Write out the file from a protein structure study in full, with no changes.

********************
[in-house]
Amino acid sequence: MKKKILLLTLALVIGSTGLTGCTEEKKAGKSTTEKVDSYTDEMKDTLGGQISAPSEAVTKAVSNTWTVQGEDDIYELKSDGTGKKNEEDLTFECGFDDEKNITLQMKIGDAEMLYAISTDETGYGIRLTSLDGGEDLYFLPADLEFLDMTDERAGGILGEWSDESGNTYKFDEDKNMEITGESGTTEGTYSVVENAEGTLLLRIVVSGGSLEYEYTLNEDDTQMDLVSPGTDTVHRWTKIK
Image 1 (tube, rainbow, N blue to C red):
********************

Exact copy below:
[in-house]
Amino acid sequence: MKKKILLLTLALVIGSTGLTGCTEEKKAGKSTTEKVDSYTDEMKDTLGGQISAPSEAVTKAVSNTWTVQGEDDIYELKSDGTGKKNEEDLTFECGFDDEKNITLQMKIGDAEMLYAISTDETGYGIRLTSLDGGEDLYFLPADLEFLDMTDERAGGILGEWSDESGNTYKFDEDKNMEITGESGTTEGTYSVVENAEGTLLLRIVVSGGSLEYEYTLNEDDTQMDLVSPGTDTVHRWTKIK
Image 1 (tube, rainbow, N blue to C red):